tv reception on computer

Discussion in 'Computers' started by Loujess, Jul 12, 2010.

  1. Loujess

    Loujess Read Only Funster

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    Hi there. I am dreaming or did I see a thread on here some time ago, which mentioned a website where you could see tv programs? If so, are they current programs or old ones? We're off to Scotland tomorrow and the weather may not be too good so we may need some entertainment other than Yahtzee.
    Ivy
     
  2. scotjimland

    scotjimland Funster Life Member

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  3. Loujess

    Loujess Read Only Funster

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    Thanks Jim. I was beginning to feel verbally invisible(?). You know what I mean.

    Ivy
     
  4. scotjimland

    scotjimland Funster Life Member

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    your welcome.. I've only tried it a few times, I think there is a mix of 'live' and recorded
     
  5. sue1959

    sue1959 Read Only Funster

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    tvgorge for the american soaps.
    Also tvshack but after so long (time to watch a couple of programmes) on this you have to wait 1hr to continue
     
  6. Loujess

    Loujess Read Only Funster

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    I've also got some films stored on the pc which I will be able to watch since I don't get round to it at home.
    Ivy
     
  7. hilldweller

    hilldweller Funster Life Member

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  8. Loujess

    Loujess Read Only Funster

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    I asked in PC World about those dongles and was told that you would buy perhaps a month's worth of internet use which seemed quite expensive for the time I would use it. I was hoping I could get something like a pay as you go dongle so that you could just load it up for future use. Is there anything like that?
     
  9. hilldweller

    hilldweller Funster Life Member

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    I don't know what you mean. Dongle is an overused word.

    A broadband dongle connect to the internet. A USB TV dongle has a TV aerial.

    I will be amazed if you can watch good quality TV programs using a broadband dongle. If you do get a good enough connection it will cost you a heck of a lot.
     
  10. Linda and Steph

    Linda and Steph Funster

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    Brian makes a very good point - do you want to be able to watch TV broadcasts on your computer (basically turn it into a TV) or do you want to 'catch-up'.

    To just watch TV as it's being broadcast you'll need a TV tuner dongle and be in a good reception area.

    To 'catch-up' there are plenty of web sites, both ligit and 'iffy' some of which have already been mentioned so I'll just add SeeSaw http://www.seesaw.com/ . This requires a good internet connection which you will be unlikely to get with an internet dongle and would eat through your monthly allowance like my cat eats tuna (vey very quickly).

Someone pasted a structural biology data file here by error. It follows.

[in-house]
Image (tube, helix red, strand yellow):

11. wivvy's dad

    wivvy's dad Read Only Funster

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    Visit a library - borrow books

    :Wink:
     
  12. MikeandCarolyn

    MikeandCarolyn Read Only Funster

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    We've been watching BBC live on the lappy in Scotland using a 3G dongle with great success,not so sure about ITV,but it could be worth a try.

    Mike
     
  13. Lomond Dave

    Lomond Dave Read Only Funster

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  14. hilldweller

    hilldweller Funster Life Member

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    Maybe you can answer something I cannot, just how much data is this costing you ?
     
  15. Linda and Steph

    Linda and Steph Funster

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    This might be of interest:


    http://www.consumerchoices.co.uk/hidden-charges-for-tv-on-demand.html

    Hidden charges

    Most internet packages come with a set download limit each month, and for those that are deemed “unlimited broadband”, customers will usually find that a fair usage policy applies, preventing heavy usage during peak hours.

    The Consumer Spy’s research found that some broadband customers are being charged as much as £2.00 per extra gigabyte, while mobile broadband customers who exceed their download limits are billed per megabyte, and could rack up humongous bills for downloading even a 30 minute episode of EastEnders.


    So how much of your download limit does watching TV online actually use? Well, as a quick guide:

    * Downloading a 10 minute video clip on YouTube = 200MB
    * Downloading a DVD quality film = 4.5GB
    * Downloading a 30 minute programme = 300MB

    Therefore, to download an hour long episode of David Attenborough’s Life in Cold Blood would use 600MB. Streaming, watching the programme live, uses less of your download limit but the quality is reduced. A 30-minute show will use about 125MB if streamed, but this depends on the iPlayer and your connection. Some users have reported watching a half hour live episode of Never Mind the Buzzcocks for as little as 40MB.

    This may not appear to be much, but if you’re using mobile broadband, such as the O2 example in the table above, the costs soon mount up. If you’ve exceeded your download limit, streaming a 30-minute episode of EastEnders would cost you an extra £25, and downloading a DVD quality film would add a whooping £900!

    The lesson here is clear: make sure you read the small print and stick to your download limit.
     
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